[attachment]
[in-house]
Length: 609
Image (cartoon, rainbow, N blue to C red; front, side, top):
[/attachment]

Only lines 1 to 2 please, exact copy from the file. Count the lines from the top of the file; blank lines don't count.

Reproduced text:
[in-house]
Length: 609